Sen. Joe Lieberman has been in a tough spot for a while now. He's committed himself to running in the Democratic primary against Ned Lamont, but he's repeatedly said he'd consider running as an independent if Lamont beats him the Aug. 8 primary.
But that's not as easy as it sounds. Given the deadline for an independent candidate's petition signatures, Lieberman would have to collect 7,500 signatures literally over night, immediately after a humiliating primary defeat. It's created an awkward dynamic: Lieberman would have to start collecting signatures before the primary, just in case, but that would further annoy Connecticut Democrats who aren't thrilled with him anyway.
What to do? Start the process the day before a major national holiday.
Sen. Joseph I. Lieberman is to announce today he will petition for a place on the November ballot as an "independent Democrat," giving him a chance to stay alive politically should he lose an Aug. 8 primary for the Democratic nomination.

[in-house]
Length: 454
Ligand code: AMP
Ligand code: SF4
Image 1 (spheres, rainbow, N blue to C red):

Primary voters tend to be the most loyal, active members of both parties. As a rule, they have made a sincere commitment to the party, and more often than not, like candidates who feel the same way. If many Connecticut Democrats are concerned that Lieberman's values and priorities have strayed too far from the party's mainstream, how does Lieberman suppose these people will react to word that he's already begun taking steps to give up on the party altogether?
-- Guest Post by Steve Benen, The Carpetbagger Report